Date: May 14, 2013
By Joseph DeCaro, BosNewsLife International Correspondent with additional reporting by BosNewsLife's Stefan J. Bos
NEW DELHI, INDIA (BosNewsLife)– A Christian-run children's home in India was struggling to resume operations Sunday, May 12, after being attacked by Muslim militants who assaulted its staff members and visitors and then damaged its property, a Christian aid group said.
Islamic leaders also tried to kill its director Neethi Rajan, a pastor, and attempted to kidnap children staying at the home in Srinagar, capital of the predominantly Muslim state of Jammu and Kashmir, said Barnabas Fund, which supports persecuted Christians.
When staff refused to release any children — as only a relative could remove them — a group of Muslims armed with rocks and sticks came and forced their way into the home by smashing its windows, Rajan said.
"Watching through the floor boards, we could see the men searching rooms. They tried to light the house on fire, but the police stopped them," he explained in published remarks.
The violence reportedly ended after police arrived and escorted the staff and children to safety.
The April 10 attack was prompted by Islamic cleric allegations the staff had been converting Muslim children to Christianity, according to rights investigators.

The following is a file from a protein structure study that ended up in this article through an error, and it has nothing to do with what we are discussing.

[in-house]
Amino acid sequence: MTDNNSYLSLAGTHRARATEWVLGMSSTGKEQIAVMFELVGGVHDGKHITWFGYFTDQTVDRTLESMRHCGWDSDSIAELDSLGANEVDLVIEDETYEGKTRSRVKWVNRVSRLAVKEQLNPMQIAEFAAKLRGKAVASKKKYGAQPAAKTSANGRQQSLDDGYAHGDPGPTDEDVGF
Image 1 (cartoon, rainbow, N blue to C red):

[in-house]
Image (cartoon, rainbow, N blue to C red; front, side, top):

Barnabas Fund said the Muslims — who also killed a therapy dog in the attack — have threatened the building's landlord, who in turn informed the ecumenical group running the home to vacate the premises.
It was not immediately clear Sunday, May 12, when and if the home will be vacated, as police reportedly called the conversion accusations "baseless."
This wasn't an isolated incident.
In March, Muslim clerics already abducted two children from the home and spirited them away them to Islamic schools, Christians said.
Their situation remained unclear Sunday, May 12, as the children’s parents were reportedly threatened in the night by masked men.
Barnabas Fund said the incident was part of a wider pattern in India. "In general, Christians in India are most vulnerable to attack by Hindu nationalists, but in Kashmir, an area that is 99 percent Muslim, they face persecution by Islamic extremists," the group said.
Some Islamic groups have pressed for the introduction of strict Islamic law in the area. As part of that campaign, a 119-year-old church in Srinagar was reportedly torched by Islamists in May 2012.